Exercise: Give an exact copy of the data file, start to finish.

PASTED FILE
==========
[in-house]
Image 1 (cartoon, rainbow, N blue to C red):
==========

[in-house]
Image 1 (cartoon, rainbow, N blue to C red):